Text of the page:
Topeka Gov. Bill Graves signed the year's final budget bill Friday, using his veto power 22 times to correct "shortfalls" in spending for fiscal year 2002, which begins July 1.
"Overall, this bill effectively deals with the financial needs of Kansas during the next fiscal year," Graves said in a statement. "But there were several areas of fiscal and public policy that fell short in this legislation."
The budget and several bills already signed by Graves were part of a package drafted to close a $206 million gap between expected revenues and spending during fiscal 2002.
Among the biggest losers was the Kansas Department of Transportation.
The budget was built on the assumption the Legislature would begin sooner than planned a 1-cent tax on motor fuels for the comprehensive transportation program.
The tax would have raised $16.4 million, which would have been offset by an equal reduction in the transfer of state revenues from the general fund.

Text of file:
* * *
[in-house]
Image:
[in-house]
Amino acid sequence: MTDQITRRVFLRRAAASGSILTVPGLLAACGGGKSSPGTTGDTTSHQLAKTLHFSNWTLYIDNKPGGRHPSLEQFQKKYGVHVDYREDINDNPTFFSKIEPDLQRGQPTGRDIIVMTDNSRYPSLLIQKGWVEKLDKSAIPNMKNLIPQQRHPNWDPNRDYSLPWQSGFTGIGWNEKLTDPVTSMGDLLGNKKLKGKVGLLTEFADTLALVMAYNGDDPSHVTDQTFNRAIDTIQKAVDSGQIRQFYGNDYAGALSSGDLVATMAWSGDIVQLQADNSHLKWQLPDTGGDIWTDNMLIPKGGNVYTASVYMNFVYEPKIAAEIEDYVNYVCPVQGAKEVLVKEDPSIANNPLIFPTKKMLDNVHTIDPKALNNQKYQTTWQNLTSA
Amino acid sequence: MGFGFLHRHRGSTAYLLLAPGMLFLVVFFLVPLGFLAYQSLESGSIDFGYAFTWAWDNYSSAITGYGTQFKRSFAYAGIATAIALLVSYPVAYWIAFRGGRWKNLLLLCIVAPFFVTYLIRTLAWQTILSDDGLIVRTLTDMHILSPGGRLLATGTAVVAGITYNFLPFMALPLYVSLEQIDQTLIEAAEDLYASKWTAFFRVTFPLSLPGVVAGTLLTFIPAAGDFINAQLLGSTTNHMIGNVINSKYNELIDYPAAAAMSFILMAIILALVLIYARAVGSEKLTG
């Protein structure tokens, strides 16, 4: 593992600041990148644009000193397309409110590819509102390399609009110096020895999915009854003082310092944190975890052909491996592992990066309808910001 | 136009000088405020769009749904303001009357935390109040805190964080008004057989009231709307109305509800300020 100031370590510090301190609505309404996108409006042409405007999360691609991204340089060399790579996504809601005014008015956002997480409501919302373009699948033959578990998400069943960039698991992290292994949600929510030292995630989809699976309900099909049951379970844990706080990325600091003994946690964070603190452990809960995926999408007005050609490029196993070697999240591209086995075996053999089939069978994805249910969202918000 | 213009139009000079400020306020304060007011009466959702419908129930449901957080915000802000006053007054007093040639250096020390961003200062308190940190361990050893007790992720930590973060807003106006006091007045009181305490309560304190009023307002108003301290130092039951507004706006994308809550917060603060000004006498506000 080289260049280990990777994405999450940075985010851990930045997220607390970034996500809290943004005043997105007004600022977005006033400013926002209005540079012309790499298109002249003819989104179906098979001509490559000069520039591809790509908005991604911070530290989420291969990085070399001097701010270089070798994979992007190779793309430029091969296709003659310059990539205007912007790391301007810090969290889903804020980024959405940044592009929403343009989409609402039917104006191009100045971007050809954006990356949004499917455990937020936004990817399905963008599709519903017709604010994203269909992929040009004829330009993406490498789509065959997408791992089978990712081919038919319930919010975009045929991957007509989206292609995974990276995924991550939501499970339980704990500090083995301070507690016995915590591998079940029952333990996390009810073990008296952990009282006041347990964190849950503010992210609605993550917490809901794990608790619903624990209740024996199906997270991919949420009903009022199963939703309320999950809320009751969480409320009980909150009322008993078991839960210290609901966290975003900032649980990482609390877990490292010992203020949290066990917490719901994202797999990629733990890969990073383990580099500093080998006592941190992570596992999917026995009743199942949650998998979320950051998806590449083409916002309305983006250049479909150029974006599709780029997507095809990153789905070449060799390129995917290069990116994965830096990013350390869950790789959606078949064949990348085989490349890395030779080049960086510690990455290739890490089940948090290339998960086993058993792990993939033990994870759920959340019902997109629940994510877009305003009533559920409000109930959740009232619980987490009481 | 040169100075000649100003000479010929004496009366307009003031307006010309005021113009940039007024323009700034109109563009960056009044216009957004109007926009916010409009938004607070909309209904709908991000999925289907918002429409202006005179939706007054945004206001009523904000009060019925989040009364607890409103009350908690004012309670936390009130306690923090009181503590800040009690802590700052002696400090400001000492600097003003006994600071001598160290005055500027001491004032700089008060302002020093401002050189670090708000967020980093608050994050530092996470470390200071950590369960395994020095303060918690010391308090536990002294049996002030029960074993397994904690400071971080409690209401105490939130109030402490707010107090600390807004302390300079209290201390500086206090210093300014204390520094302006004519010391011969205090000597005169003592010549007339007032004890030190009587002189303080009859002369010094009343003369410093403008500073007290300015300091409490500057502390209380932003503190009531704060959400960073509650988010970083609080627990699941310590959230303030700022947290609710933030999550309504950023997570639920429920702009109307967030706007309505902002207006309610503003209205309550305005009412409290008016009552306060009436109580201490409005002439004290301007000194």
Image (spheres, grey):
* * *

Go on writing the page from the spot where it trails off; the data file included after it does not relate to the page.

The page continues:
The idea died in the House, thus leaving a hole in transportation budget. A separate bill allowing KDOT to sell more bonds was approved, resulting in $20 million less in state funds being used.
However, because of the way the budget bill was written, Graves had to veto the entire line dealing with KDOT, including the $20 million. The governor said he would ask lawmakers to restore the cuts in January.
The governor also vetoed transfers of fees collected by several state agencies to the general fund.
Graves restored both a 1.5 percent state employee pay raise in January 2002 and funding for the state worker longevity bonuses.
He also restored $850,000 for the Kansas Water Plan.